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Western Front blazed into Harvard Square last month, becoming the first cannabis dispensary to open in the neighborhood — nearly seven years after Massachusetts legalized recreational marijuana.
With the new location, Western Front becomes the first economic empowerment licensed cannabis company to open a maximum of three dispensaries in Massachusetts. The dispensary, which also boasts storefronts in Chelsea and Central Square, sells a variety of cannabis products as well as pieces from local artists.
Marvin E. Gilmore Jr., 98, and Dennis A. Benzan founded Western Front in 2020 through the economic empowerment licensing program, a Massachusetts initiative that prioritizes licensing cannabis dispensaries owned by or employing Black and Latinx residents and people who live in “geographic areas that have been disproportionately harmed by marijuana prohibition and enforcement,” per the state’s Cannabis Control Commission.
Western Front celebrated the grand opening of its 98 Winthrop St. location with local music, yard games, vendors, and artists in Winthrop Park on July 21.
“It’s an opportunity for our communities for once to gain some benefit from something that has destroyed communities, destroyed families, and increased the numbers of men and women that are no longer with us, but more importantly are incarcerated as a result of cannabis,” Benzan said at the grand opening.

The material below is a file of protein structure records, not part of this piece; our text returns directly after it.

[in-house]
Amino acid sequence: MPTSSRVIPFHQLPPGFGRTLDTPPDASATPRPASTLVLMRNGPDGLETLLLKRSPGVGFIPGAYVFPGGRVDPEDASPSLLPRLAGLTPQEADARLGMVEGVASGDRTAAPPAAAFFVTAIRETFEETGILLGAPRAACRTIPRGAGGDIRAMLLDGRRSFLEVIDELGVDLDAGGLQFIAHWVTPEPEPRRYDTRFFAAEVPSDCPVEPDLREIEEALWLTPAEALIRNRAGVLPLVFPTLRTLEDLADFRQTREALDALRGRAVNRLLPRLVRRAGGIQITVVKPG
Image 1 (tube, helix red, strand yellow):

Benzan dedicated the grand opening to Justin D.C.D. Cosby, who was murdered in Kirkland House in 2009 during a marijuana exchange. Benzan — an attorney and former Cambridge vice mayor — represented Cosby’s mother, B. Denise Cosby, in a civil suit against Harvard.
Denise Cosby spoke at the event about her son and the importance of safe and legal access to cannabis, adding that she is “grateful to know that Dennis has opened up this cannabis center where people can come and purchase marijuana legally.”
“This is not just about selling cannabis,” Benzan said. “This is about making sure that young men and women just like Justin can have good jobs. Rather than do something in the illegal market, they can do something in the legal market.”
Raodee Rekloos — a Cambridge muralist who has worked with Western Front before and painted at the grand opening celebration — said he thinks the cannabis industry is “all culture.”
“A lot of artists have been smoking marijuana before it was legal,” Rekloos said. “It’s just nice now that artists — or anyone in general — just doesn’t have to be shunned for that type of stuff.”
While Benzan said “it feels like a victory in many ways” to be the first economic empowerment company to open three locations, Western Front is focused now on “what lies ahead.”
Benzan said Western Front hopes to see more support from the state and local government to make it easier for economic empowerment businesses to access capital early on and open faster so that they “have an opportunity to be as free as other companies that are not economic empowerment.”
Benzan encouraged consumers to be conscious of where they are making cannabis purchases and to consider the impact of their purchase by shopping at local, minority-owned businesses like Western Front.
“Consciously go to businesses like ours that are trying to do everything that we can within our power to right a wrong,” Benzan said.
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